America typically celebrates the 4th of July as a unifying victory for the country, but the road to independence was more divisive and violent than most people realize, according to historian Thomas Slaughter.
In their 59 Days of Independence project, artist and senior lecturer Heather Layton and Brian Bailey ‘09W (PhD) invite people around the world to celebrate the independence of countries other than their own. “By recognizing someone else’s independence, you’re showing that you care about his or her well-being in the same way you care about your own,” says Layton.
A 20-minute classroom assessment that is less subjective than traditional in-class evaluations by principals can reliably measure classroom instruction and predict student standardized test scores.
As Brazil kicks off the World Cup, more than the tournament outcome is at stake, according to historians Pablo Sierra and Molly Ball of the University of Rochester. The husband-and-wife team have developed a course, “History of Latin America through Soccer,” that will be taught for the first time this fall at Rochester.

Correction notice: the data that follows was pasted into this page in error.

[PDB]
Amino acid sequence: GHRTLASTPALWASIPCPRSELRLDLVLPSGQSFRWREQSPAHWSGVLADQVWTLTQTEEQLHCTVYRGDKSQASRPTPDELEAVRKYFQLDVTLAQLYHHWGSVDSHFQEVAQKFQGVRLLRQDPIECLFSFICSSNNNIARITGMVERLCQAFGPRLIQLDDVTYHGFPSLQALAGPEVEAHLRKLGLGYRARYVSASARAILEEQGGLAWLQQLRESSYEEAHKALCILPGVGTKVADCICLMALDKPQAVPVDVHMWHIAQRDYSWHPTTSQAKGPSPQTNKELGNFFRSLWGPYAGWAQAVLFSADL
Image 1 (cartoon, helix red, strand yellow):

As the June 16 deadline for bids for the library approaches, universities in Chicago, Honolulu, and New York City have expressed interest in housing the Barack Obama Presidential library. Curt Smith offers strong views about the three leading contenders vying for the project.
Kara Finnigan, associate professor at the Warner School and education policy expert, and her co-authors argue strongly for the value and use of research evidence in this era of education reform.
Films like This is Spinal Tap have built large followings around their use of awkward and cringeworthy comedy. But according to Jason Middleton, assistant professor of English and director of the film and media studies program, the use of staged “awkwardness” extends far beyond the domain of contemporary popular culture and into the earliest days of filmmaking.
The disturbing imagery of videos games are often accused of fostering feelings of aggression in players. But a new study shows hostile behavior is linked to gamers’ experiences of failure and frustration during play—not to a game’s violent content.